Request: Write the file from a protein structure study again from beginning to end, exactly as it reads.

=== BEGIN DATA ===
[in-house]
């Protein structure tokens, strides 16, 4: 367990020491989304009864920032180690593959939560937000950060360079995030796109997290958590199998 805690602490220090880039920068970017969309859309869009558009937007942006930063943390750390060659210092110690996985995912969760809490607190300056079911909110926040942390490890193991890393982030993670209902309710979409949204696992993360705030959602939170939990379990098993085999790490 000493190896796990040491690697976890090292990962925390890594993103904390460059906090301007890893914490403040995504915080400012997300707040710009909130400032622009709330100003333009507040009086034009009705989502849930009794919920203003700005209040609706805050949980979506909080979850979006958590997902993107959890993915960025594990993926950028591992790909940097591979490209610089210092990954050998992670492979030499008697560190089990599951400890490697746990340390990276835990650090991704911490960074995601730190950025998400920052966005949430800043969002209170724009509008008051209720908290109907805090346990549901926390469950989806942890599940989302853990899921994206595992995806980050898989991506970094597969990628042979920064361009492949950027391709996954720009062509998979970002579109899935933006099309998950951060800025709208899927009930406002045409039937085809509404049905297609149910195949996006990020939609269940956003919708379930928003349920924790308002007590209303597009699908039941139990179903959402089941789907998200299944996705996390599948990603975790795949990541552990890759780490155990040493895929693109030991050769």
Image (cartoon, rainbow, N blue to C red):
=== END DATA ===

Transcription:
[in-house]
């Protein structure tokens, strides 16, 4: 367990020491989304009864920032180690593959939560937000950060360079995030796109997290958590199998 805690602490220090880039920068970017969309859309869009558009937007942006930063943390750390060659210092110690996985995912969760809490607190300056079911909110926040942390490890193991890393982030993670209902309710979409949204696992993360705030959602939170939990379990098993085999790490 000493190896796990040491690697976890090292990962925390890594993103904390460059906090301007890893914490403040995504915080400012997300707040710009909130400032622009709330100003333009507040009086034009009705989502849930009794919920203003700005209040609706805050949980979506909080979850979006958590997902993107959890993915960025594990993926950028591992790909940097591979490209610089210092990954050998992670492979030499008697560190089990599951400890490697746990340390990276835990650090991704911490960074995601730190950025998400920052966005949430800043969002209170724009509008008051209720908290109907805090346990549901926390469950989806942890599940989302853990899921994206595992995806980050898989991506970094597969990628042979920064361009492949950027391709996954720009062509998979970002579109899935933006099309998950951060800025709208899927009930406002045409039937085809509404049905297609149910195949996006990020939609269940956003919708379930928003349920924790308002007590209303597009699908039941139990179903959402089941789907998200299944996705996390599948990603975790795949990541552990890759780490155990040493895929693109030991050769």
Image (cartoon, rainbow, N blue to C red):